Fortunately,
the boundary artifacts can be effectively attenuated
by applying a post-processing filter on the prestack image
that preserves only the events for which the source and receiver
rays are coplanar at the imaging point.
This condition must be fulfilled by all the events
that are correctly focused at zero offset
because two lines passing through the same point are coplanar.
The *coplanarity condition* can be easily
applied on the prestack image after transformation
into the Fourier domain,
possibly at the same time that ADCIGs are computed
using a 3-D generalization of the method described by
Sava and Fomel (2003),
as presented in
Tisserant and Biondi (2003).

The coplanarity condition can be derived by simple geometric considerations starting from the common-azimuth condition expressed as Biondi and Palacharla (1996):

(1) |

As for the common-azimuth condition,
the coplanarity condition can be expressed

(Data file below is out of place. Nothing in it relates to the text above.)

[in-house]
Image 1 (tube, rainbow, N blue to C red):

as a relationship that links the cross-line offset wavenumber
*k*_{yh} to the other wavenumbers in the image.
For events with azimuth aligned along the in-line direction
(*x*_{m} in my notation),
the expression of the coplanarity condition is:

(2) |

The condition expressed in equation (2) can be easily generalized to be valid for an arbitrary azimuthal direction Tisserant and Biondi (2003). The wavenumber axes are rotated by in both the midpoint wavenumber plane and the offset wavenumber plane .

As discussed in Tisserant and Biondi (2003), in a prestack image each event fulfills the coplanarity condition for one value of the azimuth. However, streamer data illuminate the reflectors only within a fairly narrow azimuthal range. Therefore, the coplanarity condition can be used to remove from the prestack image all the events that are imaged outside a given azimuthal range. For example, if we image only events within a range of degrees, we will remove the 75 % of the events in the image that are least likely to be real reflection events.

7/8/2003